(Always remember that “demand destruction”, like “adaptation” in climate crisis policy, may look like a kind of solution on paper, but its real life meaning is tremendous hardship and misery for the non-rich, and especially the global poor. These are always political fig leaves for the Western power structure and its attempt to prop up the consumption/car/sprawl dystopia. They are always tools of disaster capitalism.)
The main effect of the crash has been to buy some time and political space for the elite to prepare for the post-Peak resource hunt. This will mean a fully corporatized economy and an authoritarian society. It means a more overtly Social Darwinist civilization. The carrot will be aggrofuels, tar sands syncrude, and whatever other “alternative” fuels can be wrested through ever-intensifying environmental and political violence. This will be meant to let the American consumer keep his precious car and McMansion sprawl as long as possible. For dissenters, the sticks will be many and severe.
So when we look at the plan for America over the next twenty, thirty, fifty years, however long the zombie system can be propped up before energy descent definitively kicks in (however long it will be until “peak empire”, “peak zombification”), we should perhaps look to China as a model. There the goal of society has been to keep the Communist Party in power and enrich the coastal elite. The social stability necessary for this comes from trickling some crumbs downward to the peasantry in the form of factory jobs. Dissent, meanwhile, is ferociously suppressed.
China’s ruling elite has of course for a long time now been communist only in name. Rather, seeing how world communism had become a dead end, in the 80s the Chinese elite made the decision to shift to a corporatist globalization model. Similarly, America has for decades been shifting from capitalism to corporatism. Since unlike China America didn’t commence this shift as a de jure authoritarian society, the transition has taken longer and had less central planning. But in the end, from these different directions, America and China are ending up in the same place.
So like China America will have a “fortress system”, dedicated to keeping the elite in power and the rich in their riches. The main detail which is different is that while China seeks to trickle down enough factory jobs to satisfy the peasantry, America will try to prop up a nominal suburban middle class: commuting, McMansion-dwelling, lawn-mowing, flat-screen TV-watching. Since this middle class has no economic basis for existence, the system will try to zombify it through new debt bubbles. It will exist in a state of ever greater financial tension, as its wages and social protections become ever more attenuated. Every middle class family will be existentially closer and closer to being one lost paycheck away from literally living in a box. This will dovetail nicely with a more overtly fascist and authoritarian political system. Such will be the socioeconomic balance of terror which props up the elite’s power foundation.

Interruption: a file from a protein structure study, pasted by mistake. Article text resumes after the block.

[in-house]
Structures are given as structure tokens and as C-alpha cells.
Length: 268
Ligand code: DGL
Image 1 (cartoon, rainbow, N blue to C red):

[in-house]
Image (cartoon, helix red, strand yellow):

But evidently, for the American consumer, it’s all worth it for the sake of low prices at Walmart.     
While all this doesn’t mean the crash was consciously premeditated (since exponential debt always had disaster “priced into it”, it’s more likely the power elite were always ready to shift opportunistically into disaster capitalist mode at any time), it does mean the suffering of Americans and of people around the world is being used and intensified for the advantage of America’s rich.


  1. Great Post, Fortress America was brilliantly described in a collection of novellas by Norman Spinrad called Other Americas I read years ago. Highly recommended, and unfortunately quite prescient I’m afraid.

    Comment by Brian — April 20, 2009 @ 10:31 am

  2. Thanks, Brian. I’ve heard of Spinrad but haven’t read him.

    Comment by Russ — April 22, 2009 @ 8:24 am

  3. The industrial nation state, as an institution of industrial civilization, collapses. No one gets to dodge the Post-Peak Oil bullet. It is time for the Peal Oil Movement to embrace the States’ Rights Movement. FYI:

    North American Secessionist Congress, October 2010

    Comment by Sebastian Ronin — May 10, 2009 @ 4:02 pm